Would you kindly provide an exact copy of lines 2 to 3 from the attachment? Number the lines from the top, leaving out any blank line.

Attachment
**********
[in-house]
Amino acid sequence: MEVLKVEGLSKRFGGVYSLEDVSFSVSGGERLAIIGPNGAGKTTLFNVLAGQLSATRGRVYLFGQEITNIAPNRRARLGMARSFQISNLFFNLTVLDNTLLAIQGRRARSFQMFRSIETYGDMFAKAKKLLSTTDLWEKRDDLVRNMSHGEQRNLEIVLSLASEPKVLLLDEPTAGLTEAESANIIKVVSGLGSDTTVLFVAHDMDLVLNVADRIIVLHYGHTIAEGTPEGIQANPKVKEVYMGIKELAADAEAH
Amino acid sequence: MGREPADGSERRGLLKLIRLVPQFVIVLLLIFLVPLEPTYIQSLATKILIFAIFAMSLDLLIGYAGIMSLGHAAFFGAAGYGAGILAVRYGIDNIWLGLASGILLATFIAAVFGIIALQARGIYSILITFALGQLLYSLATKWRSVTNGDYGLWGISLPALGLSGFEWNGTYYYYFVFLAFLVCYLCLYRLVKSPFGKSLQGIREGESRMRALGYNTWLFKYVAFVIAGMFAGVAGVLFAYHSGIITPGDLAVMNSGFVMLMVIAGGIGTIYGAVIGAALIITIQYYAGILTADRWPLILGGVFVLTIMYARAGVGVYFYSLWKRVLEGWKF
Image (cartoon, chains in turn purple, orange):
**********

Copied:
Amino acid sequence: MEVLKVEGLSKRFGGVYSLEDVSFSVSGGERLAIIGPNGAGKTTLFNVLAGQLSATRGRVYLFGQEITNIAPNRRARLGMARSFQISNLFFNLTVLDNTLLAIQGRRARSFQMFRSIETYGDMFAKAKKLLSTTDLWEKRDDLVRNMSHGEQRNLEIVLSLASEPKVLLLDEPTAGLTEAESANIIKVVSGLGSDTTVLFVAHDMDLVLNVADRIIVLHYGHTIAEGTPEGIQANPKVKEVYMGIKELAADAEAH
Amino acid sequence: MGREPADGSERRGLLKLIRLVPQFVIVLLLIFLVPLEPTYIQSLATKILIFAIFAMSLDLLIGYAGIMSLGHAAFFGAAGYGAGILAVRYGIDNIWLGLASGILLATFIAAVFGIIALQARGIYSILITFALGQLLYSLATKWRSVTNGDYGLWGISLPALGLSGFEWNGTYYYYFVFLAFLVCYLCLYRLVKSPFGKSLQGIREGESRMRALGYNTWLFKYVAFVIAGMFAGVAGVLFAYHSGIITPGDLAVMNSGFVMLMVIAGGIGTIYGAVIGAALIITIQYYAGILTADRWPLILGGVFVLTIMYARAGVGVYFYSLWKRVLEGWKF